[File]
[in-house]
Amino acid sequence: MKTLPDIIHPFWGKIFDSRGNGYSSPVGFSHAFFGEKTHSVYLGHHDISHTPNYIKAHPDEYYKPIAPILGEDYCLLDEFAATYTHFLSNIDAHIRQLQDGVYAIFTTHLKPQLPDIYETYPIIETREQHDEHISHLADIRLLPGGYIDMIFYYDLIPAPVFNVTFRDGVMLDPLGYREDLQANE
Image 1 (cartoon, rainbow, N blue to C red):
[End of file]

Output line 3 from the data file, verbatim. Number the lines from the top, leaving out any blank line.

Image 1 (cartoon, rainbow, N blue to C red):